Thursday, June 05, 2008

India, Malaysia Raise Gas Prices

Soaring cost of crude oil forces India to raise domestic fuel prices 11%; Malaysia, hit by massive subsidy bill, will raise gasoline prices by 40%.

NEW YORK (AP) -- Soaring oil costs are forcing India and Malaysia to raise fuel prices by reducing the subsidies they give to their residents.

Oil prices have doubled over the last year, spiking as high as $135.09 a barrel on the New York Mercantile Exchange on May 22 before falling back some. On Wednesday, the contract fell below $124 a barrel.

India imports nearly 75% of the crude oil it needs and it controls domestic prices of all fuel products, from gasoline to cooking oil.

But those price controls have caused state-owned oil companies to lose billions of dollars.

Petroleum Minister Murli Deora told reporters that gasoline prices will be raised raised 49 cents a gallon, and diesel prices 30.4 cents a gallon.

That's an 11% increase in New Delhi, the capital, where gasoline will be hiked to $4.56 a gallon. Fuel prices vary between states, which also impose their own taxes.

Cooking gas will be hiked to $1.25, per 30.8 pound cylinder. The increases go into effect at midnight Wednesday.

To help state-run oil companies, the government was also cutting the excise duty by 5% on gasoline, diesel and other petroleum products.

Communist parties, which are members of the ruling coalition, announced weeklong street protests across the country to force the government to take back its decision. They said in a joint statement that the government should further lower excise duties on petroleum products rather than raise prices.

Wednesday's price increase followed a similar move in February - but far from covers the gap with global market prices. Deora, the oil minister, told reporters that the moderate price increase was a compromise by officials "committed to protecting the interest of the common man as well as ensuring the financial health of the public-sector oil marketing companies."

The government is also mindful that an election must be held by the middle of next year, at the latest, and that price increases are unpopular.

"Are you happy or unhappy? People should compliment the government," Deora said, pointing out that the hike was far smaller than the recent runup in global oil prices.

At the current level of oil prices, Deora said India's state-owned oil companies were projected to collectively lose $58.4 billion this fiscal year through March 2009.

Malaysia said Wednesday it will raise gasoline prices by 40% to reduce the government's massive subsidy bill, a move that is expected lift the inflation rate to 5%.

The pump price of gasoline will rise on Thursday to $3.30 a gallon, from $2.32 a gallon now, Prime Minister Abdullah Ahmad Badawi told reporters.

"We cannot naturally keep subsidizing at the current rate," Abdullah said.

He said the government will also give a yearly cash rebate of $201 per year to owners of cars with an engine capacity of 2,000 cc or less to offset their burden from the massive hike. The money will be distributed to owners through post offices.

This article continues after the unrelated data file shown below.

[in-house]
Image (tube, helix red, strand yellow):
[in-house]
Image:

Subsidies have kept the price of fuel in Malaysia - a net exporter of oil - among the lowest in Southeast Asia. But the government says it can no longer afford to fund the subsidies, which are expected to cost the treasury more than $14 billion this year.

Abdullah said diesel prices will rise by $1.22 to $3.04 per gallon, a 67% increase.

Domestic Trade and Consumer Affairs Minister Shahrir Abdul Samad earlier indicated that further price increases were planned to bring fuel prices in line with global market cost.

"The long term plan is to increase it to market price," he said, suggesting gasoline prices could rise to $3.80 a gallon by August.

He said the move will save the government $1.29 billion a year. Shahrir said the hike in gasoline prices will likely increase the inflation to 5%.

Inflation hit a 15-month high of 3% in April, and was forecast at 2.5% to 35 for the full year before the new fuel prices were announced.

Fuel prices in Malaysia had been unchanged since February 2006, and economists have warned any move to abandon fuel subsidies completely may spark protests, push inflation sharply higher and weaken consumer spending - a bane to an already slowing economy.

The central bank has cut its 2008 economic growth forecast to 5% to 6%, from 6% to 6.5% previously.

But the government does not expect any protest or public anger, Shahrir said. "We are still giving a subsidy" to less wealthy people, he said.

Still economists were not convinced.
"This is quite a drastic measure," said Gundi Cahyadi, an economist with Singapore-based economic think-tank IDEAglobal. "In the long-run, it's good but the immediate impact will be negative. You can expect a slowdown in the economy to below 5.5% this year and probably into next year," he said.

He noted that Malaysia's gasoline price hike was the steepest in percentage terms among Asian countries such as Indonesia, Taiwan and India that have recently cut fuel subsidies.

It will relieve the government's financial burden over the long term but will also push up inflation and depress consumer spending and business investment, he said.

Cahyadi said the new fuel price is a "great risk" to Prime Minister Abdullah Ahmad Badawi, who is fighting for his political survival after his ruling coalition suffered election losses in March partly due to the rising cost of living.

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